TheNewWampsCat

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For that trailer weight you do not have to have electric brakes! my boat weighs in at 3900lbs. No brakes on it’s trailer. Pulls and stops without issue. However since your camper has brakes, install a controller makes it so much nicer! As far as the drop or rise for an insert you’ll need to have the trailer behind the Jeep both sitting level. Thats the way you want to tow. You’ll have to see if you need a drop or a rise for your insert. Hope this helps some
 

MrJeep

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FYI there is a trailer and towing section to this forum that may answer all your questions.
You probably don't need a brake controller for this weight but it will make things feel safer.
 

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First, most state and US Federal regulations regarding towing trailers, require brakes on any trailer with a gross combined weight (trailer plus payload) of 3,000 or grater to have brakes. UHaul and most rental cargo trailers at 2,000 or more, and most larger boat trailers all have surge hydraulic brakes.

I pulled a 2,000 loaded trailer with my Sport S with factory tow package, and it took a bid to stop it going Just 40mph. If the trailer has brakes installed, most states require they be working. With electric brakes, yiu need a brake controller, Jeep makes one for the Gladiato, and after market ones are available. I use a Curt Echo wireless plug and play type brake controller, when towing my 3,500 lbs TaB400 RV trailer, which works quite well.

A WDH is not required, nor recommended for trailers under 4,000 lbs, as their axle load rating is too small to handle a WDH. I do not even use, or née a WDH for the 18-foot TaB400, and it rows quite nicely behind the JT, even on twisty mountain roads. The Gladiator has a built-in electronic trailer stabilization system, which should handle any sway. Be sure your trailer tongue/frame is level or slightly down when hitched to your truck. Do not forget the safety chains and emergency brake disconnect cable are attached to the receiver bracket/frame.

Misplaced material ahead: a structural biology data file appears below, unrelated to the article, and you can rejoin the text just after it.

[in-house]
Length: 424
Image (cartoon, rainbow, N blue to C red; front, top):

Have fun camping.
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CerOf

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I’d the trailer has electric brakes, go ahead and get a brake controller installed.

That weight won’t be an issue. I towed a Fleetweood E3 behind a montero sport. No issues there. The gladiator is much more powerful, better brakes, better everything.
You’ll be fine.

as for the drop hitch. Go to the trailer and measure distance from the tongue to the griund(when the trailer is sitting level). Now take that measurement to your gladiator. That’s where the ball needs to be. Go from there.
 

robinja

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I tow a Rockwood premiere pop up trailer (with electric brakes) and use nothing but a sway control bar. No brake controller being used - but may add one as they have many advantages. Gross trailer weight is about 4000lbs. load leveling on a medium size pop up is over kill imho.
 

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Robina, a 4,000 lbs GVW trailer is 1,000 over the minimum GVWR and US Federal and state regulations require the trailer to have working brakes connected to the TV. You are taking a risk, even if the trailer is not loaded to 3,000 lbs, and you get into an accident you are going to be libel, and cited, and your insurance can use this violation to not pay your claim, saying the ladk of working trailer brakes contributed to the accident, even if it didn ‘t.

Any one towing a trailer 3,000 lbs or more, needs to have working brakes, or you can be libel. Why take unnecessary risks!
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Ogre_FL

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I used to tow our Fleetwood Fairview (12' box w/slide out) with our Dodge Grand Caravan.
No WD hitch, no brakes, only a sway control.